Challenges in forecasting Hurricane Lorenzo

Linus Magnusson
Jean‐Raymond Bidlot


The 2019 Atlantic hurricane season produced two Category 5 hurricanes on the Saffir–Simpson scale: Dorian and Lorenzo. Dorian formed south‐ east of Barbados on 24 August. It became a Category 5 storm before hitting the Bahamas, where it stalled and caused extensive damage. The cyclone then swept north along the US East Coast. Lorenzo formed on 23 September south of Cape Verde. It reached its maximum intensity on 29 September as the easternmost Atlantic Category 5 storm on record. The storm later weakened as it moved northward but caused problems on the Azores on 2 October, when the harbour on the Flores Island was severely damaged by high waves. Finally, the cyclone hit Ireland on 3 October as an extratropical system.

ECMWF’s medium‐range forecasts predicted Lorenzo’s genesis much better than Dorian’s, and early track forecasts gave a good indication of the cyclone’s northward turn. However, the forecasts underestimated Lorenzo’s propagation speed and there was great uncertainty in track forecasts as the storm approached Europe. Wave forecasts provided early indications of high waves around the Azores.

Weekly mean anomaly of tropical storm strike probability. The map shows tropical storm strike probability anomalies relative to the model climatology for 23 to 29 September in the forecast from 16 September 2019, i.e. one week before the formation of Lorenzo. The anomalies are calculated by subtracting the model climatological probabilities from the real-time forecast probabilities. Blue colours thus indicate a lower probability of tropical storm activity than in the 18-year climatology and red colours indicate a higher probability than in the climatology.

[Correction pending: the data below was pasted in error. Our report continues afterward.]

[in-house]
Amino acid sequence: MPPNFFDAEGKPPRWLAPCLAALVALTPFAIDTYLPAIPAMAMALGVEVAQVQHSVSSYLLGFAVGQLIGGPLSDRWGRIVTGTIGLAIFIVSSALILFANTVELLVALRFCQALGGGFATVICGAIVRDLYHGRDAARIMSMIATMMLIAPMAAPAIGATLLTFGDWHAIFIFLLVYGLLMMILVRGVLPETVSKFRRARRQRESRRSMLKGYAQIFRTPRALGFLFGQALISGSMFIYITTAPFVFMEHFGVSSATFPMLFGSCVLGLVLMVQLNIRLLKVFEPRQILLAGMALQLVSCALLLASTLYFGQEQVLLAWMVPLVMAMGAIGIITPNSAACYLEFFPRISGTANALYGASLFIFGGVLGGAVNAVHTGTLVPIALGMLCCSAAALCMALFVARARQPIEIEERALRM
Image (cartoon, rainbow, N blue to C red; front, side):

Genesis and track

As shown in the first figure, the genesis of Lorenzo was predicted by ECMWF ensemble forecasts exceptionally early. While the genesis of Lorenzo was predicted with high confidence more than a week in advance, ECMWF forecasts captured the genesis of Dorian only two days in advance. Big differences in predictability were also seen for major hurricanes in 2017. For example, the genesis of Irma was much more predictable than that of Harvey or Maria.

Ensemble forecasts for Lorenzo from before 22 September favoured a more westward track than the outcome. However, as illustrated in the second figure, the cyclone track forecast for Lorenzo from 24 September 00 UTC, issued just after the cyclone was classified as a tropical storm, already predicted a northward turn over the central Atlantic and provided an early indication that the storm might hit the Azores. However, comparing the position in the forecasts valid on 2 October with the observed position, we find that all members placed Lorenzo too far south, indicating a too slow propagation in all ensemble members.

Track forecasts. The charts show tracks for tropical cyclone Lorenzo as predicted by individual ECMWF ensemble members, ECMWF’s high-resolution forecast (HRES) and the ensemble forecast control member (ENS control) starting at 00 UTC on 24 September 2019 (top) and 00 UTC on 28 September (bottom). They also show best track observations at 6-hourly intervals and the predicted and observed position and intensity at 00 UTC on 2 October.